And on the smart bombs? The bill may be in the tens of thousands of dollars, but the material cost is in the tens of dollars. It's like the material cost of a human body. Depending upon which chemical list you consult, it's somewhere between one and two dollars. The added value is not in the bomb, but rather in the wages and benefits of the people who are involved in the research, development, manufacture and delivery of that bomb.

    Or to look at it another way, the pill your insurance company pays $50 for contains maybe $.000001 worth of chemicals.

    B'shalom,

    Jeff

  • Hi Jeff,

    You are most certainly right that I could have been more precise in my point. I appreciate you jumping in and helping me do that. As usual your comments add to the conversation and I'm glad you read and decided to do so.

  • Interesting that I find this just as we are having this conversation:

    http://www.nytimes.com/2009/11/21/world/middlee

  • MV=PQ

  • Q = 0

  • jeffhess

    Shalom Eric,

    Thanks for the link:

    “And whether or not the American-built health centers and power plants are ever used as intended, the American companies that won the lion?s share of rebuilding contracts from the federal government have been paid.”

    B'shalom,

    Jeff

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  • Yeah. Supports your point. I still think wars are pretty shitty ways to do job stimulus. Especially when you have mercenary contractors mucking up our credibility around the world. I think we both agree on this, but your point is well taken that the actual money is not necessarily wasted. I could argue it is in the case of Iraq because the money spent, though funding American companies and businesses, has done more fundamental harm to us than good.

  • Nifty Lawrence

    I'd certainly like to see cites for both these claims:

    1) Material cost of “a bomb” being less than $10.
    2) The “vast majority” of $915 billion in war money being spent in the U.S for pay, benefits & salaries.

    And, for the sake of discussion, let's say both are correct. The bottom line is the money we spend on our military is more than every other country on the planet COMBINED. Want to dig up some badly needed money? I think I found the place.

    Regarding the stimulus – I'd like to think it saved the U.S. from even further financial calamity. But I don't think it's much of a prediction to say the U.S. needs to *fundamentally* change it's economic ways & I don't see either party as up to the task.

    The stimulus & other economic measures are band-aids for a system steadily going kablooey. Consider this:

    * The real unemployment rate is well more than 10% & expected to continue its increase in the near future (yes, I know it's a lagging indicator).
    * More people continue to slide into poverty (even using the current but grossly outdated measure of poverty)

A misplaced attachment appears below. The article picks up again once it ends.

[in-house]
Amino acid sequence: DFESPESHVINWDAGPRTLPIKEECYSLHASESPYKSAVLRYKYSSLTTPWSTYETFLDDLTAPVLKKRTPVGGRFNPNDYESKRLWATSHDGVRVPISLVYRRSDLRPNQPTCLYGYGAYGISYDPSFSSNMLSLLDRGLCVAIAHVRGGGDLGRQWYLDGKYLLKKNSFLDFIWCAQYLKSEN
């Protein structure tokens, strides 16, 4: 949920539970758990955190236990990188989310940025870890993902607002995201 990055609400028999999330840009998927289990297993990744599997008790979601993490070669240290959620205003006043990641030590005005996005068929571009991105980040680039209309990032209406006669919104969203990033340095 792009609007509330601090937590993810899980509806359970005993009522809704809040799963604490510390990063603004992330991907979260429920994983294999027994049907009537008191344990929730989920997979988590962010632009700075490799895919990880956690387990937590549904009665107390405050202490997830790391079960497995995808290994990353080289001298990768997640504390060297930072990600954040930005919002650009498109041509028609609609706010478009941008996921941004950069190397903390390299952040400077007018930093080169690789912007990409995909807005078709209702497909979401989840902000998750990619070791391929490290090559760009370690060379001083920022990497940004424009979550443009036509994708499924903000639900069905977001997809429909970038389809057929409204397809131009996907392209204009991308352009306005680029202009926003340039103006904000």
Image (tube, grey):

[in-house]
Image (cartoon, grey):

* A huge amount of U.S. workers & students are not educated in and/or trained for the jobs & economy of the 21st century.
    * Wages have been stagnant for decades, with workers being double-whammied by paying more & more for their benefits.
    * Foreclosures & delinquencies are now at a record rate & are expected to continue their increase.
    * The retirement & aging of Baby Boomers is a ticking financial timebomb.

    The above are but a few examples. Heck, the very fact we've spent $1 billion+ to “stimulate” the economy, with many saying it's not nearly enough, is proof positive our economy – for many of us, at least – is in dire straits & no longer works.

    And don't forget – this is money we're spending WE DON'T HAVE. It's borrowed & will need paid back. Who exactly will do that? Will we look back years from now & recognize this era as the eventual tipping point?

    So, I'm willing to agree life is temporarily a little better with the stimulus than without. But we have a loooong way to go before declaring the economy fixed (whatever that is).

    It's going to be a severely bumpy ride ahead.

  • jeffhess

    Shalom Nifty,

    Think scrap value, which is exactly what we're leaving in any war zone (if you could collect all the pieces) of any ordinance. If you take your$160,000 Ferrari to the junk yard, just how much do you think you would get for it?

    With the exception of whatever we pay locals for services, defense dollars go to American military personnel, their support staff and the manufacturers of their equipment. All spent right here in the good old U.S.A.

    I don't disagree with you, or Eric, that those dollars would be much better spent on other services. I hate the military-industrial complex as much as the next progressive. My point is that we need to stop thinking of all those dollars going to Iraq, Afghanistan or where ever our troops are stationed.

    The reason defense spending is so popular is that a large number of Americans depend upon that money for their paychecks.

    B'shalom,

    Jeff

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  • Hamilton

    I find this comment, '…they can?t have it back?at least until we fix it. ', totally insane! Do you give a child another $400 PS3/XBOX every time he pisses on it? A crack addict more crack! Hell No! If you give them, the blind, uninformed ideologues, the country back, they'll will just fuck up again.

    Of course we as progressives, independents, and some sane 'Republicans', must vote in ever larger numbers in every election to keep the country on the right track. We must also hold our elected officials feet to the fire to keep the focus on why we elected them to office.

  • fjl307

    Haha that?s funny. I saw the Camp Palin II video and decided to look up how much the war cost vs the stimulus.
    Well at least one of them is working…

  • fjl307

    Haha that?s funny. I saw the Camp Palin II video and decided to look up how much the war cost vs the stimulus.
    Well at least one of them is working…